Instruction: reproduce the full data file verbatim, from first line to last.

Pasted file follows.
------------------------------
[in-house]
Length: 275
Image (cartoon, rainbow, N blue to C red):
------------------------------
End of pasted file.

[in-house]
Length: 275
Image (cartoon, rainbow, N blue to C red):